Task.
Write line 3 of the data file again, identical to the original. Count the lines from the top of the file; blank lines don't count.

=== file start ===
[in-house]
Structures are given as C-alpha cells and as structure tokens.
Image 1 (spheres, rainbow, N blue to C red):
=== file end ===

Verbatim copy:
Image 1 (spheres, rainbow, N blue to C red):